Delivering HLS with Amazon CloudFront

In this blog post, we will setup Amazon Cloudfront to swiftly and reliably deliver an HLS stream around the globe. We'll use JW Player to embed these streams, so they work on both iOS and desktop browsers. This post is a follow-up to the one on Encoding HLS with Amazon Elastic transcoder. That post discussed setting up storage buckets and creating Pipelines, Presets and Jobs to encode HLS.

The Cloud-Hosted JW Player & Why it is the Easiest Way to Go Live

If the term “cloud-hosted”, or “in the cloud” is still news to you, then get ready for the next wave of web-based services and applications. Software as a service is moving to the cloud -- and slowly fading are the times where bulky downloads and installs are required to support basic business needs.

The Pain of Live Streaming on Android

Streaming video on mobile devices remains one of the most challenging and frustrating experiences for viewers and broadcasters alike. When HTTP Live Streaming (HLS) was introduced, the goal was simple: easily stream live and on-demand video content to devices with a variety of bandwidth connections. Adaptive streaming is the marquee feature of HLS, and while Adobe’s RTMP can offer similar capabilities in Flash, desktop browsers like Chrome and Firefox can play HLS streams using a player like the JW Player. HLS is enhanced further by native implementations found within Safari and iOS, which makes streaming to mobile devices even easier.

So, what’s the problem?

Jan Ozer interviews JW on Apple HLS and MPEG DASH

One of the most sought-after features of JW6 is support for Apple HTTP Live Streaming (HLS), built into the new premium player. This feature enables publishers to have a single set of video files that can be streamed to both the desktop and mobile devices - vastly simplifying life and expanding publishers’ reach to even more audiences.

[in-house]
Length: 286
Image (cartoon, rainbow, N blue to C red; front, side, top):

Apple HLS Streaming on JW Player

In an interview with Streaming Media’s Jan Ozer, Jeroen talks about how HLS support works in the JW Player, on desktops, iOS, and Android.

How to Stream Live Video From Your iPhone to the JW Player

A few people have asked us if they can stream live video from their iPhones directly to the JW Player. If you're willing to install and configure a few applications, the answer is yes! This guide will provide step-by-step instructions on how to do it.

This tutorial is broken up into three steps:

HD Video Everywhere!

These days, HD quality video is no longer an option - it is essentially a requirement. On the other hand, there are still quite a few viewers out there that are unable to play high quality video, due to connection or device constraints. A simple way to fix this is by offering an HD toggle in your player. Viewers that want the full experience select the high quality option, while viewers that don't have the capabilities (or interest) select the low quality option.

What is Video Streaming?

With all of the buzz around HTML5 and the iPad, there's been a lot of talk about the technologies underlying digital video. Besides the inevitable codecs (H264 & VP8), experts are discussing video delivery mechanisms, using indecipherable acronyms like RTMP, CDN and HLS. This blog post will give an overview of the various video streaming methods in plain English and bring the all-round developer and publisher up to date.

In a nutshell, there are three widely used ways to stream a video: Progressive Download, RTMP/RTSP Streaming, and Adaptive HTTP Streaming. We'll look at the three in detail here, describing their pros, cons, and various technologies that support each.

W3C WebTV: Adaptive Streaming & Content Protection

Last week, the W3C held its Second Web & TV Workshop in Berlin. The workshop focused on the convergence of web technology and broadcasting. In other words, how will web and television work together to eventually merge?

Along with sessions on second-screen scenarios and accessibility, the workshops covered adaptive streaming and content protection. Both sessions were very compelling considering that streaming and protection are two important limitations of today's HTML5 video support.

Adaptive Streaming: DASH